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Showing blog posts by Brandon Rees

Investors with $3 Trillion in Assets Call for CEO-to-Worker Pay Ratio Disclosure

Today, more than 100 institutional investors with a combined $3 trillion in assets under management sent a letter to the U.S. Securities and Exchange Commission in support of a CEO-to-worker pay ratio disclosure. The signatories of the investor statement on pay ratio disclosure include a variety of pension plans, asset managers, foundations, faith-based funds and state treasurers.

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New 'Responsible Investor Handbook' Shows How Union Members’ Pension Plans Create Jobs

New 'Responsible Investor Handbook' Shows How Union Members’ Pension Plans Create Jobs

This week, the AFL-CIO Executive Council received a new publication, The Responsible Investor Handbook: Mobilizing Workers’ Capital for a Sustainable World. Authored by Thomas Croft and Annie Malhotra of Heartland Capital Strategies, the handbook documents how union members’ pension plans helped pioneer the responsible investing movement. Today, investors with more than $60 trillion in assets globally have become signatories to the U.N. Principles for Responsible Investment.

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American Enterprise Institute Tries to Hide Runaway CEO Pay

Leave it to the right-wing neoconservatives at the American Enterprise Institute (AEI) to defend the indefensible: runaway CEO pay levels.  Last week, the AFL-CIO’s Executive Paywatch website announced that S&P 500 company CEOs made on average $13.5 million in total compensation in 2014, an amount equal to 373 times the average production and nonsupervisory worker’s pay. 

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New ALEC Documents Show Why the SEC Needs to Require Corporate Political Spending Disclosure

New revelations about the conservative American Legislative Exchange Council (ALEC) illustrate the need for greater transparency by corporations for their political and lobbying spending. The internal documents released by The Guardian show that ALEC has targeted dozens of large corporations for fundraising in 2013, including what ALEC calls “prodigal son” corporations that had previously dropped their membership because of the organization’s controversial positions.

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Tribune Announces Spin-Off of Newspaper Business; No Immediate Sale to the Koch Brothers

Los Angeles County Federation of Labor photo

The Tribune Company has announced it will split in two, separating its newspaper business from its broadcasting unit, as it focuses more on its television operations in an attempt to become more profitable. The announced spin-off is at least a temporary setback to Charles and David Koch, the conservative billionaire brothers who had expressed interest in acquiring the newspapers.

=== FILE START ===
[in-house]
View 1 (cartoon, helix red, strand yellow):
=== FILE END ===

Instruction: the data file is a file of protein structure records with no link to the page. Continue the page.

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U.S. Workers Protest International Labor Rights Abuses at Mondelēz

Photo by Brandon Rees

At today’s Mondelēz International's shareholder meeting, the IUF, the international union body representing food workers worldwide, and unions representing the company’s North American employees raised concerns about human rights abuses in the company’s overseas operations. Many Mondelēz-branded cookies and crackers are produced by union members, including Oreo, Chips Ahoy, Ritz and Triscuit.

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HR Policy Association Front Group Attacks SEC Commissioner for Speaking Out on Runaway CEO Pay

This week, the HR Policy Association’s so-called “Center on Executive Compensation” criticized a member of the Securities and Exchange Commission (SEC) for suggesting companies should consider voluntarily disclosing CEO-to-worker pay ratios. The HR Policy Association represents human resource executives of more than 325 of the largest U.S. corporations, and would prefer to keep secret the pay disparity between their bosses—the CEOs—and their employees.

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SEC Moves Closer to Require Disclosure of Corporate Political Spending

Illustration by DonkeyHotey/Flickr

The U.S. Securities and Exchange Commission (SEC) will consider a rule to require disclosure of political spending by publicly traded corporations in April. By putting this rule making on its agenda, the SEC is responding to the Supreme Court’s decision in Citizens United, which ended restrictions on independent corporate spending for public communications that influence elections.

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Gender Diversity in the Boardroom—Good for Corporations

The AFL-CIO recently joined with other investors to ask corporations to nominate more women as directors. The AFL-CIO’s Secretary-Treasurer Elizabeth Shuler co-signed a letter with state officials from California, New York, Washington, Massachusetts and other states, as well as executives from the nation’s largest state pension funds, mutual fund companies, and women’s organizations.

Investors sent the letter to the nominating committees of S&P 500 companies that do not have any women on their boards.

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